[–] altident 0 points 5 points (+5|-0) ago  (edited ago)

Pork shoulder regularly goes on sale for $0.99/lb at many nationwide grocery stores. Pick up a 4 lb roast for 4 bucks, throw it in the slow cooker with some onions and seasoning and buy a pack of tortillas, and cheese if you want. Easily 3-4 days worth of food for like $6 and ~10 minutes of work.


[–] KikeFree 0 points 3 points (+3|-0) ago 

I'm fucking jealous. It's $3/lb here and nothing goes on sale unless it's starting to go bad. Pork shoulder makes excellent sausage too. I make large batches of Ramadan sausage and freeze them. Periodically take some out to thaw overnight in the fridge, then steam, fry, or bake. I'm not sure it's really economical for human-feed where I am, but it's certainly a better product than the stores sell and much much cheaper.

The truly economical choices all seem to involve surviving off some barely edible grain laced with phytoestrogen protein suppliments.


[–] Vvswiftvv17 0 points 2 points (+2|-0) ago 

I have tons of suggestions. I'll list a few that haven't already been said, obviously everything here requires elbow grease.

Here is a plan that will give one person about a weeks worth of hearty food for cheap.

Shopping list:

Whole chicken


Plain greek yogurt

Block of cheddar cheese (you'll grate this)

Bag of rice

Can of black beans

Can of refried beans



Bag of Celery

Bag of carrots

Bag of Onions

Bag of apples



Dried oregano

Dried basil

Curry package

Egg Noodles

Chili powder

Can of salsa


Peanut butter


Chicken enchiladas with black beans and rice (4 servings)

Chicken salad sandwiches with chips and apples (2-3 servings)

Chicken curry with rice (4 servings)

Chicken noodle soup and peanutbutter sandwich (6 servings)

Cheese quesadilla (2 servings)

Scrambled eggs and toast

Bake the chicken and then carve it up and separate into three piles.

Take the remaining carcass and bits and either stick it in a crockpot or cook it in a stock pot with three cups of water, an onion, a few cloves of garlic, carrots and celery. Sumner several hours to make a nice broth. Drain the broth to remove bones, etc. Add egg noodles to broth and fish out any good meat and veggie pieces and add back in. Chicken noodle soup.

Make a red chili enchilada sauce using chili powder (here is a good recipe) http://allrecipes.com/recipe/16431/red-enchilada-sauce/ Mix in with shredded chicken and fill tortillas. Top with cheese and remaining red sauce and bake. Make up a batch of black beans and rice.

Take another pile of chicken and follow directions on back of curry package seasoning. Make a new batch of rice.

Use the remaining chicken pile to make your chicken salad. I like to add celery to mine.

Use your extra peanut butter as dip for your apples and carrot snacks. If you have sugar and butter on hand you could also probably swing a batch of peanut butter cookies.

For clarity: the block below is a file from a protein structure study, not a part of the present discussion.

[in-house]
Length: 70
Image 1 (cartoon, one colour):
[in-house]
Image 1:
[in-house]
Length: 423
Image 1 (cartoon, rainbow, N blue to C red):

Also, if you need a little heavier snack, get a container of oatmeal.


[–] Voopin__Voopin 0 points 1 points (+1|-0) ago 

Quality post.

Much better flavor than plain chicken and rice.


[–] 2calculated 0 points 2 points (+2|-0) ago 

Beans and rice are probably the most frugal meal you can make.


[–] Mr_NoSkill 0 points 2 points (+2|-0) ago 

Package of frozen chicken breasts(I prefer individually wrapped/frozen) and a great big bag of rice. 2 cups water to 1 cup rice and throw it on the stove. Start to finish in about 30 minutes


[–] GreffeduFoie 0 points 1 points (+1|-0) ago 

Stroganoff can be pretty cheap if the ingredients are on sale. Ground hamburger, cream of mushroom or chicken soup, some onion, all poured over egg noodles which are pretty cheap too.


[–] SocksOnCats 0 points 1 points (+1|-0) ago 

You all likely won’t like this answer, but it comes after I did some research.

I tracked how long it took me to shop for and make my lunches. And yes, I did the whole “I’ll make a whole pot of (whatever) and eat it for a week”. What I found was that if I added the cost of my time to the cost of the ingredients, making my own lunches was saving me about $1/day over just buying a nice sandwich.

So now I go and get food every day. It allows me more freedom of choice, often tastier food, and opportunities to join people for lunch.


[–] KikeFree 0 points 4 points (+4|-0) ago  (edited ago)

Good on you for doing the math.

I don't think it works that way for most people though, because most people aren't paid off the clock so their time has worth only in their own context.


[–] LongyyBearr 0 points 1 points (+1|-0) ago  (edited ago)

Nigguh must be rich in his mind XD.

In "personal time."


[–] SocksOnCats 0 points 0 points (+0|-0) ago 

I’m not paid off the clock. But personal time is usually valued at 2x what your hourly pay is. That said, I was figuring my time was worth way less than 2x my hourly take home pay.


[–] Simonsaysgoat 0 points 0 points (+0|-0) ago 

Quinoa with veggies. I buy in bulk and it lasts for weeks. I also buy frozen fruit and protein powder and add coconut milk. Great for breakfast. Also eggs and veggies, veggies and hummus, veggie soups with quinoa. I also buy big bags of hemp seed hearts and chia seeds. I get a ton of protein everyday and these bags last for a long time. Also salads are cheap to make and you sprinkle some hemp seed hearts in top and you have a healthy replacement for croutons. The key for us is to buy in bulk at the beginning of the month and make it last.


[–] Chrz 0 points 0 points (+0|-0) ago 

Dandelion leaves and water are pretty frugal, also bread and water. You may be surprised how far they will take you. I hear that in some North Korean concentration camps they have worms for a daily diet but that's not so satisfying.

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